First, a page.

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    ‘You create your own luck, in a way’. About Norwegian footballers’ understanding of success,...

    In this feature article, Pål Augestad, Mats Bruu and Frode Telseth summarize their recent article from Soccer & Society in which they present the results of a study trying to find out why some young and ambitious football talents succeed in their quest to become professional players while the overwhelming majority does not. Is it deliberate practice and successful talent development? Or maybe just plain luck? They asked the players that made it what they thought.

    Engaging with uncertainty in athlete development – orchestrating talent development through incremental leadership |...

    In this feature article, Christian Thue Bjørndal and Lars Tore Ronglann summarize their recent article from Sport, Education and Society in which they argue for a new perspetive on sports coaching, beyond traditional models and supporting a view of the coach as orchestrator. Coaching as well as athlete development will, they claim, be substatially improved with the application of a model of incremental leadership.

    Super equestrians: the construction of identity/ies and impression management among young equestrians in upper...

    In this feature article, Lovisa Broms, Susanna Hedenborg & Aage Radmann summarize their recent article from Sport, Education and Society in which they present a study of how young equestrians utilize social media platforms in order to perceive, construct, negotiate, and manage identities. The results indicate that young riders have identified an online stable culture where high performance equestrianism is the norm.

    Youth Sport 2.0? The Development of eSports in Norway from 2016 to 2019 |...

    In this feature article, Anne Tjønndal and Mads Skauge summarize their recent article from Qualitative Research in Sport, Exercise and Health in which they argue that eSports is gaining considerable and increasing prominence in Norwegian sports, in spite of not being formally recognized by the national sports confederation. However, local sports clubs as well as high school sports programs are openly encouraging participation in eSports.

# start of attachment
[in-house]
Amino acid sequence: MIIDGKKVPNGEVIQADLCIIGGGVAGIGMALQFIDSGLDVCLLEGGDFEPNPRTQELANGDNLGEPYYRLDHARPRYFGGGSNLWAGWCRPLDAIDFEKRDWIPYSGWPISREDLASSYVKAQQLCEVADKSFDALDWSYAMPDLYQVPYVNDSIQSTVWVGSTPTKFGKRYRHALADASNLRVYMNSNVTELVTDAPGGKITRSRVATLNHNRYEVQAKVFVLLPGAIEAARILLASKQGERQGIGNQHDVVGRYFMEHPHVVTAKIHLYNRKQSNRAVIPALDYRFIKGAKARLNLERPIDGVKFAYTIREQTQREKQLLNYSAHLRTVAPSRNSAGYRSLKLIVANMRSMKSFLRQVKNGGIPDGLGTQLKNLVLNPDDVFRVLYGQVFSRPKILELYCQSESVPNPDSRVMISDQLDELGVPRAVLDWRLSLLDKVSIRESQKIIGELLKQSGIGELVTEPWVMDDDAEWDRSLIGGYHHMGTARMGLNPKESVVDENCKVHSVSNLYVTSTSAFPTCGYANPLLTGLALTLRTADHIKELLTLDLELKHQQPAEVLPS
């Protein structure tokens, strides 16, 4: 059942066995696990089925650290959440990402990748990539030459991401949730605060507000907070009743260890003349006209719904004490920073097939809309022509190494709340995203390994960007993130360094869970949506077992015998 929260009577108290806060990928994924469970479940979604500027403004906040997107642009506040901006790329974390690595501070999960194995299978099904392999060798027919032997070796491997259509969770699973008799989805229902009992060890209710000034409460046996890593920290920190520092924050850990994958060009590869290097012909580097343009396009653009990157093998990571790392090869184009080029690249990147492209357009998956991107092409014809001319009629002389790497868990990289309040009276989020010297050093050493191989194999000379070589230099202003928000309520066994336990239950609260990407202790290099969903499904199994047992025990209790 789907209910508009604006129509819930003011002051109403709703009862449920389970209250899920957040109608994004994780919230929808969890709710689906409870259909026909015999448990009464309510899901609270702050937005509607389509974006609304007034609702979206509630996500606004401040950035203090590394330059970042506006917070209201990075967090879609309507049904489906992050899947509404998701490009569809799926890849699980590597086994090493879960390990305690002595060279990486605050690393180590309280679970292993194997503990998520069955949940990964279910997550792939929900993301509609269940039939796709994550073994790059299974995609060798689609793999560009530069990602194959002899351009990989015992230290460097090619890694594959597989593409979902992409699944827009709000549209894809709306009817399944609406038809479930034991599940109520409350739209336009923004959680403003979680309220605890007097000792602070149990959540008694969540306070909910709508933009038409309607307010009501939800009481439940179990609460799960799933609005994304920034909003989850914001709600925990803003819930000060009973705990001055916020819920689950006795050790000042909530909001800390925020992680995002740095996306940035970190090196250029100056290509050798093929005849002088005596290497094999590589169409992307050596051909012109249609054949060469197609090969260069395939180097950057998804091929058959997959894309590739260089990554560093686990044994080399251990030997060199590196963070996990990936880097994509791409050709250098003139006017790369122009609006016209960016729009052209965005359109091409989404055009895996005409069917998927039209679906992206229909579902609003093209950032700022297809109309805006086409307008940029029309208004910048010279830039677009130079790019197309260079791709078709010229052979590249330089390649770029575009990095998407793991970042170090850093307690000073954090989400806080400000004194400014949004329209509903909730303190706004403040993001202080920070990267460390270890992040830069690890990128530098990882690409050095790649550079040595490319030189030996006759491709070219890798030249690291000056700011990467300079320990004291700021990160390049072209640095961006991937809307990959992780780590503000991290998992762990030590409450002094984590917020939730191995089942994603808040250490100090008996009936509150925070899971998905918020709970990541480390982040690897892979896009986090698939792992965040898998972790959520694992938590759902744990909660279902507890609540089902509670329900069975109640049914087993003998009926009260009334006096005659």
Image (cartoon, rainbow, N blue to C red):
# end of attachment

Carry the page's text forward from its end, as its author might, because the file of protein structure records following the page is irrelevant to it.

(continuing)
Youth sport injury research: a narrative review and the potential of interdisciplinary research |...

    In this feature article, Solveig Elisabeth Hausken-Sutter and colleagues summarize their article from BMJ Open Sport & Exercise Medicine in which they present an overview of youth football and youth sport injury research. They show that research in this field lacks integration across disciplines and paradigms, and propose an interdisciplinary research process as a response to the call for interdisciplinarity in sport injury research.

    Exploring social justice pedagogies in health and physical education through Critical Incident Technique methodology...

    In this feature article, Rod Philpott and colleagues summarize their article from European Physical Education Review in which they describe and reflect on the Critical Incident Technique (CIT) methodology used in their study ‘Education for Equitable Health Outcomes: The Promise of School Health and Physical Education’ to explore how secondary school health and physical education (HPE) teachers address social justice in their teaching practice.

    “Doing gender” in critical event studies: a dual agenda for research | A summary

    In this feature article, Katherine Dashper and Rebecca Finkel summarize their article from International Journal of Event and Festival Management in which they introduce critical gender theory to events studies by adopting feminist and intersectional perspectives and applying them to events environments. Event studies has been slow to engage with gender theory and gender-aware research, and this contribution to the field will amplify feminist voices in critical event studies.

    Where do They all Come From? Youth, Fitness Gyms, Sport Clubs and Social Inequality...

    In this feature article, Mads Skauge and Ørnulf Seippel summarize their article from Sport in Society in which they study youth physical activity in organised sports as compared to fitness centers exercise. The trend is to move from the former to the latter, and not just in Norway where this study was carried out. The pertinent aspect of this move is whether it will impact the developmen of a lifelong interest in exercise and a healthy lifestyle.

    Sensory sociological phenomenology, somatic learning and ‘lived’ temperature in competitive pool swimming | A...

    In this feature article, Gareth McNarry, Jacquelyn Allen-Collinson and Adam B. Evans summarize their article from The Sociological Review in which they employ sociological phenomenology to illuminate the under-researched sense of temperature, as lived by a social group for whom water temperature is particularly salient: competitive pool swimmers. The research contributes to a developing ‘sensory sociology’.

    “Being or becoming physically active”: Unpacking conceptions about objectives and methods in partnership-based alternative...

    In this feature article, Johan Högman, Christian Augustsson & Pernilla Hedström summarize their article from European Journal for Sport and Society in which they present the results from a study of less than successful intervention programs with the aim of promoting children’s development of a physically active lifestyle. Success or failure may well, conclude the authors, hinge on programs applying a multi-leveled ecological model.
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